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The Nation's Housing

Program Shares Appreciation With the Lender


WASHINGTON — If you had the chance, would you take a mortgage rate two percentage points below the prevailing rate in the current market, fixed for 15 or 30 years?

Think of it: You could refinance your current 8% home loan down to 6%. You could buy a bigger house than you can afford now because the monthly payments would be significantly lower. You could pay off all your current consumer debts and replace them with a single discount-rate mortgage.

Sound intriguing? If you think so, get ready for an option like this on the menu of lenders across the country. That's because more than 1,000 mortgage companies are teaming up with Wall Street to introduce the first nationwide "shared appreciation mortgage" program.

Bear Stearns & Co. Inc., the New York investment banker, plans to buy large numbers of the new loans from local lenders through an arrangement with National Commerce Bank Services Inc. of Memphis, Tenn. The first loan--30 years at 6 1/8%--closed Oct. 4, and sponsors believe that billions of dollars more are possible in the next few years.

"Shared appreciation" is not a novel concept. Local lenders have experimented with the idea since the 1970s. But there never has been a Wall Street-funded, nationally uniform shared appreciation mortgage for consumers until now.

The core concept is simple: In exchange for a reduction on your interest rate, you agree to give the lender a stake in any appreciation the house accrues because of inflation during the term of the loan. In the new program, borrowers get from one to two percentage points off current market rates and share from 30% to 60% of future appreciation.

The program funds mortgages with as little as 5% down payments. Maximum loan amounts go as high as $650,000. Relatively good credit--a Fair, Isaac credit score of 660 or above--is required.

But does sharing future appreciation really make sense for home buyers and owners? Is two percentage points off your mortgage rate worth giving up half of your future appreciation?

The answer to both questions isn't totally satisfying: It depends. It depends on how much your house appreciates in the years ahead. It depends on where interest rates go in the future. And probably most important of all: It depends on whether you as a borrower read the detailed disclosures that loan officers are supposed to provide you as part of the new program.

On the plus side of the concept: You are guaranteed to pay less month-to-month as long as you keep the mortgage. On a $250,000 mortgage, you'd pay $1,835 a month in principal and interest at 8%. At 6%, you'd pay $1,500. That's a savings of $335 every month, $4,020 a year. No matter what percentage of appreciation you agreed to share, you'd owe nothing additional when you paid off the loan if your home value remained flat or declined.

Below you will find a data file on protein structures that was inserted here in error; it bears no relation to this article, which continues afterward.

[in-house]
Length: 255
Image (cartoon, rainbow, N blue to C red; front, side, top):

But what if, after five years, your house appreciated by $40,000 and you had agreed to share 50%? At payoff, you'd owe the lender $20,000--$4,000 a year on average--and your interest savings wouldn't look so impressive. Now imagine a more extreme result. Your house is in a boom market, and its value soars by $100,000 over the term of the loan. At payoff, you'd owe half of that, $50,000, plus the remaining unpaid principal.

Other points to consider:

* "Appreciation" calculations.

The new program makes extensive use of appraisers--at application, any time you make a substantial home improvement and at payoff--to determine how much the house appreciated. You pay for the appraisals and generally get to choose from a roster of licensed appraisers used by the lender. If you try to pull a fast one, such as selling the house to your brother-in-law for much less than it's worth, you'll probably get flagged.

* Prepayment penalties.

To prevent borrowers from using the SAM as a cut-rate short-term loan, the program calls for substantial prepayment charges during the first three years.

* Tax issues.

With a lower interest rate, you'd normally expect to write off less on interest payments at tax time. But in reporting your interest paid to the IRS, the SAM program gives you credit for the appreciation you're likely to share as "contingent interest." The effect will be to report your annual interest at a rate closer to the rate you would have paid on a regular mortgage. But will the IRS accept those higher-rate estimates?

Talk to your tax advisor. And don't jump into a SAM without a thorough professional review of these and other issues. For more information, call National Commerce Bank Services at (888) 317-0858.

Distributed by the Washington Post Writers Group.

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